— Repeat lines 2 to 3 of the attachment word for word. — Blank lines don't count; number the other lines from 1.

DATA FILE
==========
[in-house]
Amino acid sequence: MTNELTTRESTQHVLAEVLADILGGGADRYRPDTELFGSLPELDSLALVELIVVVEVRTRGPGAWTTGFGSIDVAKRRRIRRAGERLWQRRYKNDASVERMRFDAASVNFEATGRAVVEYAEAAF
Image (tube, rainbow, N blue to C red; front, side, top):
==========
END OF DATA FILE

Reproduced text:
Amino acid sequence: MTNELTTRESTQHVLAEVLADILGGGADRYRPDTELFGSLPELDSLALVELIVVVEVRTRGPGAWTTGFGSIDVAKRRRIRRAGERLWQRRYKNDASVERMRFDAASVNFEATGRAVVEYAEAAF
Image (tube, rainbow, N blue to C red; front, side, top):